Climate and conflict-affected states - last in line for climate finance?

2 December 2011
Comment

The IPCC report ‘Managing the Risks of Extreme Events and Disasters to Advance Climate Change Adaptation’ (SREX) released on 18 November 2011, rightly places strong emphasis on the links between climate change adaptation and disaster risk management, yet we know very little about what this means in practical terms for conflict-affected and fragile (CAF) states. A simple comparison of climate change vulnerability indices and CAF indices such as the Foreign Policy failed states indexreveals considerable overlap. Why then, is there such a remarkable lack of attention paid to the funding, policy and programming of climate change adaptation in CAF contexts?

Take climate finance for example. Conversations in donor circles tend to by-pass the issue of what to do about the impacts of climate change in CAF contexts and relatively little climate funds have been directed into CAF states. This is highly problematic given that climate change is already impacting communities vulnerable to conflict and insecurity, in addition to the challenges of attaining effective, stable, equitable and transparent governance systems.

There is understandable concern and hesitancy about channelling climate funds to conflict-affected contexts; reflecting wider debates about official development assistance to countries where a functioning and effective state is not present. But this is not a reason to by-pass the challenge. And there are options for investing in CAF states in ways that could be more constructive than has been the case in the past.

Opportunities exist, such as aligning conflict-sensitive programming approaches and ‘do no harm’ with climate change adaptation. Learning about the potential benefits of what could be coined ‘conflict-sensitive climate change adaptation’ would be beneficial for implementing adaptation in CAF contexts. Conflict-sensitive adaptation could also be useful in non-conflict contexts, as the sudden influx of climate finance for adaptation even in contexts deemed as ‘peaceful’ has the potential to cause tension if not managed sensitively.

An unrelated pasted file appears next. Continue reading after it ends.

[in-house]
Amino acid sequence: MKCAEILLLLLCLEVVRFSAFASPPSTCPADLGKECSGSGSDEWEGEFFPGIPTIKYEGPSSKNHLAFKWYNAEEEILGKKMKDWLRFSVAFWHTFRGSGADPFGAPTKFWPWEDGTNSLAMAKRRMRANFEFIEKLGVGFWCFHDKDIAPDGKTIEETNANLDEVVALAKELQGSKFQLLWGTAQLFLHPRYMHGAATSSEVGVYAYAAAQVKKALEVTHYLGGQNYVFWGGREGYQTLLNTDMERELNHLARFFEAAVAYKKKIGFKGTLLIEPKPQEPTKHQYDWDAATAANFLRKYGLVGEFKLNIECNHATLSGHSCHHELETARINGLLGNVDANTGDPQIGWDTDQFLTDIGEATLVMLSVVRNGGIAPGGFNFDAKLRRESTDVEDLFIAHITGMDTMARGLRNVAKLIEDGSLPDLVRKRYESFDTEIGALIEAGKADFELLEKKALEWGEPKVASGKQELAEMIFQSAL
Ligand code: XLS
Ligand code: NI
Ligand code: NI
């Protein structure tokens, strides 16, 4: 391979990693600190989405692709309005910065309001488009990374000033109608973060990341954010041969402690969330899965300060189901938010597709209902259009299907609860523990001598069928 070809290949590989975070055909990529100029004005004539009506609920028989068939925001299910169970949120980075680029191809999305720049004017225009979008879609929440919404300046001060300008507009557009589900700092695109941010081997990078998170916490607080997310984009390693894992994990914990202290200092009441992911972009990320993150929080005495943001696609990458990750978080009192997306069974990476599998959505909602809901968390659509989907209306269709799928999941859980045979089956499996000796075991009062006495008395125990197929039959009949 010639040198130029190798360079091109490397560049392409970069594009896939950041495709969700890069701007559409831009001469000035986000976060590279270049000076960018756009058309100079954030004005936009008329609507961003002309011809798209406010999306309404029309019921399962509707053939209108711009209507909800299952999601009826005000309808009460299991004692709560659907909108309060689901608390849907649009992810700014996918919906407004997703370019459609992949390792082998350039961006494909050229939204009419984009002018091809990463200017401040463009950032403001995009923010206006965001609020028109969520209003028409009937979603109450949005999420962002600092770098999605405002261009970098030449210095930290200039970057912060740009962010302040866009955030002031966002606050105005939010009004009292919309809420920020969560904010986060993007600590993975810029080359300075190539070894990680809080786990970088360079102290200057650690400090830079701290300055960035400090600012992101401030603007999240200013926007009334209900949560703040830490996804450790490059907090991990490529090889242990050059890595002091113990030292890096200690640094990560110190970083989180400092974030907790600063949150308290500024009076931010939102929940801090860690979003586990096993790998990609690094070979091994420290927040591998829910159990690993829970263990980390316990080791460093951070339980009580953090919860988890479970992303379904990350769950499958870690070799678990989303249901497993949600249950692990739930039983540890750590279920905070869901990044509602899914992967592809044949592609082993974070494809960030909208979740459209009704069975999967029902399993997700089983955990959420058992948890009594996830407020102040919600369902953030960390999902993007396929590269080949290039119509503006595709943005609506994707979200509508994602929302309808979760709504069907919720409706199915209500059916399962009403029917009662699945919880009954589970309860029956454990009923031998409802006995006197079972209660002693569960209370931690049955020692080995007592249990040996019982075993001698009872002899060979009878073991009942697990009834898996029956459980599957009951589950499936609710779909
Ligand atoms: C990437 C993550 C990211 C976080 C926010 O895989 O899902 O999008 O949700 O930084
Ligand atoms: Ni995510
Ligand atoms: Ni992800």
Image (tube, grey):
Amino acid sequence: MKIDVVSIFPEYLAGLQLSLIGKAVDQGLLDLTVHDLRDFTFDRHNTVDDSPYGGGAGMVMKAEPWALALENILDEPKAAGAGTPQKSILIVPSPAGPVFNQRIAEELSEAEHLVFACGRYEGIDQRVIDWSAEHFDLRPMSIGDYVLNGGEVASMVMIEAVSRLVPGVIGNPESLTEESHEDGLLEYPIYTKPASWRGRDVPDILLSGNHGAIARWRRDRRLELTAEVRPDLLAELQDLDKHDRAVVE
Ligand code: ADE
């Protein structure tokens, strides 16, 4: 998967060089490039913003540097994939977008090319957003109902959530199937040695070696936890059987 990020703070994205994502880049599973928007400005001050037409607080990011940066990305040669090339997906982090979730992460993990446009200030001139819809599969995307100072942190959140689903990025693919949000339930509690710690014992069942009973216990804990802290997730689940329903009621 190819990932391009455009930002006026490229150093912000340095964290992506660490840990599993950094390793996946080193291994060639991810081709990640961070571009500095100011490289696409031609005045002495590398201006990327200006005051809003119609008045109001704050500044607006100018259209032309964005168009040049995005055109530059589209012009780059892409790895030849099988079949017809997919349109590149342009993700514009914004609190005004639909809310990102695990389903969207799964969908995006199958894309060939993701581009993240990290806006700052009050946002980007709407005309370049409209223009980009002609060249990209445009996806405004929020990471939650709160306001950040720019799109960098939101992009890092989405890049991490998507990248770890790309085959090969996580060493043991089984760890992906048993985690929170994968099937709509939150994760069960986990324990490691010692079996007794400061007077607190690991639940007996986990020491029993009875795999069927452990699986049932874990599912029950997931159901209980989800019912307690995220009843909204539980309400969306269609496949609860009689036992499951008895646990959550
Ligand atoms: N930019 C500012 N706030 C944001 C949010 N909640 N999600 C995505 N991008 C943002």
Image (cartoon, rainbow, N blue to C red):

Initial efforts have been made at the programme level. Non-governmental organisations have been documenting their experiences with climate and conflict-affected communities in contexts such as Nepal and Kenya. Similarly, the United Nations Development Program has been arguing for greater attention to the disaster-conflict interface, which is set to become more important as climate change exacerbates the frequency and intensity of some extreme events. Despite this, there has been surprisingly little progress in understanding the policy and programming implications of bringing together climate change adaptation, disaster risk management and conflict-sensitive approaches. This gap will need to be addressed given the commitment of the UK Government to both conflict sensitivity and ‘do no harm’ in disaster response.

If managed sensitively, adaptation in CAF contexts has the potential to reduce vulnerability and disaster risk independent of the specific nature of future climatic change; what is referred to as ‘low regret’. What’s more, there is an opportunity to think seriously about the possibility of using climate finance to contribute not only to adaptation but also to peace-building and/or conflict resolution goals.

We must not forget that CAF states are no less likely than other developing countries to want to hold emitters to account and receive their share of climate finance. But we need to think carefully about how this can happen and be cautious. The political environment in some contexts (take Sudan as an example) presents additional challenges as climate discourse is highly politicised. The fact that individuals live in conflict areas should not discount them from receiving support to deal with the impacts of climate change, however. Nor should the knowledge, capacity and capabilities of those living in conflict-affected areas be ignored; there is a wealth of experience in adapting to climate change that could be harnessed and learnt from by other regions facing (or set to face) similar conditions.

Climate finance is a potentially vast resource that should be used to assist the most vulnerable communities – climate and conflict-affected. More attention should be given to integrating different approaches to enable more returns from climate finance (beyond adaptation) and thus increase the potential effectiveness of that money. Channelling climate finance into CAF contexts will present difficulties but this is not a reason to avoid the issue. Donors and funding mechanisms simply need to think creatively about how they can use funds to address this challenge.

Katie Harris